Cary News

CAMPO awards $12 million for transportation projects in western Wake County

Cary, Apex, Holly Springs and Fuquay-Varina won millions of dollars in grants Wednesday to fund upcoming road construction projects.

The four towns received nearly $12 million of the $21.8 million distributed by the Capital Area Metropolitan Planning Organization, which is in charge of helping coordinate and fund large transportation projects in Wake County. It distributes federal money to towns based on a scoring rubric.

Fuquay-Varina was the big winner, receiving $5.3 million to fund three different projects that the town had been planning to pay for by increasing property taxes. Voters approved that plan in November, passing a bond referendum that included $21 million worth of roadwork.

A tax increase likely will still be needed to make up the difference, but it will be significantly smaller now. Mayor John Byrne said the grant is “a huge deal” and could shave off about 2 cents of the property tax increase that initially had been proposed as 6.75 cents per $100 in valuation. The current tax rate is 38.5 cents, the second lowest in Wake County.

Last year, Fuquay-Varina tried to get another federal grant for $10 million, sending officials to Washington to lobby for the funds. But the town wasn’t awarded the funds.

Officials said they’re excited CAMPO awarded the town more than half that amount.

“It’s the biggest grant we’ve ever gotten, and it comes at a critical time,” Byrne said.

Apex received $2.5 million to help with the completion of the Apex Peakway loop around the center of town. In November, voters passed a $15 million bond referendum to fund that project.

And while the bond required no tax increase, the town has considered issuing another bond soon to pay for its new Pleasant Park – a plan that officials have said could require a tax increase.

It’s unclear what this grant may mean for the tax impact of a parks bond in the future, though. The parks bond has not officially been proposed.

Cary received $2 million to fill a .4-mile gap in its White Oak Creek Greenway, which will one day run from the American Tobacco Trail to Bond Park. The new segment will connect MacArthur and Davis drives. While it is short, it will be expensive because it will require a tunnel to run underneath a CSX rail line.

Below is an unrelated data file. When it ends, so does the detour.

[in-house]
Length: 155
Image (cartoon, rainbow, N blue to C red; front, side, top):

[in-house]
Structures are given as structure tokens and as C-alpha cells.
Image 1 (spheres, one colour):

“We’re excited about it,” Mayor Harold Weinbrecht said. “That’s a nice link that’s missing in the White Oak Creek Greenway and just adds to our 82 miles of greenway.”

The other remaining gap in the greenway is a 2-mile section from Green Level Church Road to the American Tobacco Trail. It is expected to be filled by 2018. Both segments are expected to cost a combined $9 million, including design and construction. Some funding is already in place through the 2012 bond referendum and other federal and county grants.

Holly Springs received $1.2 million for work on the N.C. 55 near the new Holly Springs Salamanders baseball stadium at the North Main Athletic Complex, as well as $580,000 for greenway projects near the library and along N.C. 55, between the Target shopping center and Avent Ferry Road.

The N.C. 55 road project will help relieve congestion on N.C. 55, Holly Springs Road and Main Street.

“What that will do is open up the park to traffic off of (N.C.) 55 Bypass and also provide a cut-through for those who want to go from the bypass to Main Street on Sportsmanship Way,” Mayor Dick Sears said.

CAMPO announced the winning projects on Twitter late Wednesday, although many of the local towns have been expecting to receive the grants for some time, based on their strong scores on the organization’s grading rubric. Towns in the area will be able to start applying for next year’s grants in August.

Doran: 919-460-2604; Twitter: @will_doran